Victoriano Cárdenas, a University of New Mexico alumnus, will visit campus for a reading of his new poetry collection, Portraits as Animal: Poems by Victoriano Cárdenas, in the Bobo Room in Hodgin Hall, Nov. 2 at 7 p.m.
Cárdenas, who was born and raised in Taos, is a trans poet. He first graduated from UNM in 2014 with dual degrees in History and English Literature and Language. In 2020, he graduated with an MFA in Creative Writing, where he served as editor-in-chief of Blue Mesa Review and executive editor of Skull + Wind Press.
Portraits as Animal is a journey through transitions both personal and planetary framed by generational struggles with addiction, a queerphobic church, and the always-transforming land. Cárdenas began writing some of the poems in the collection during his undergraduate work at UNM and continued while he worked jobs in retail, completed his MFA, and even while he edited the book’s manuscript. Still, it feels like he has been writing the collection his entire life and “living the poetry,” he said.
“Holding a copy of the collection is still a strange experience. It feels like holding, not just my dissertation manuscript and the 8 years I spent at UNM writing and learning and teaching and developing my voice, not just a documentation of my gender dysphoria and transition and struggle with alcoholism, not just a family portrait complete with all of our strengths and flaws, but so much more than the sum of those parts,” Cárdenas said. “It feels like holding my family and our long history, including all of the parts where we hurt and were hurt, and our future where, hopefully, we heal. It feels like holding every family. It feels like hope. And it means everything to me to share that story and that hope with readers and other writers.”
Greg Martin, director of Creative Writing at UNM, is thrilled to welcome back the program alum to campus.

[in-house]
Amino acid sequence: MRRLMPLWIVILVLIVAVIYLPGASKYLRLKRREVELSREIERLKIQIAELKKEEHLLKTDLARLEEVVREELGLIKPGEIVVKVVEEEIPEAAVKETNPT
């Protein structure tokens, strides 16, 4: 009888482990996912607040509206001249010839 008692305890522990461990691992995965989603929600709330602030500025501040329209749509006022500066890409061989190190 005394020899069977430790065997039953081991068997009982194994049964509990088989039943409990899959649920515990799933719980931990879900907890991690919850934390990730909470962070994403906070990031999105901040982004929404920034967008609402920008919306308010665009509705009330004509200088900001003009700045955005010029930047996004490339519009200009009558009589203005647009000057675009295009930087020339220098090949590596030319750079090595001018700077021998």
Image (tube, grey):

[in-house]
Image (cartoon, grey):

“We have many distinguished alumni from the Creative Writing Program at UNM, like Joy Harjo, former U.S. poet laureate, and Tori is another excellent addition to that group,” Martin said, citing the accomplishment of having a book published and in hand so soon after completing an MFA.
For Cárdenas, sharing the work is an opportunity to publish a voice he struggled to find in literature as a child.
“What excites me most about sharing the book is that I was able to tell a wholly New Mexican story, complete with all of the beauty and tragedy that many mixed-race, lower/middle-class New Mexican families experience and encounter. Growing up, I was an avid reader, and for as much as I read and read and read, I didn't find a book that really captured what it was like to grow up rural, Catholic, and genízaro in northern New Mexico until I read Bless Me, Ultima by Blue Mesa Review founder Rudy Anaya," Cárdenas said. “Publishing this portrait of my life and my family's history, and contributing to the legacy of New Mexican literature is an honor, and I am profoundly grateful to my family, my instructors, and my peers who have believed and continue to believe in my writing journey, even when I've had trouble believing in myself.”
The event is part of the Russo Reading Series, named after Joseph Russo, a biologist who gave the Creative Writing Program $1.1 million endowment to host a visiting professor and create additional programming for students. The readings are free and open to the public. The Fall series will wrap up on Nov. 16 when Creative Writing, Chicano and Chicana Studies and the Mellon Foundation will cosponsor a reading by Michelle Otero, Albuquerque’s former poet laureate.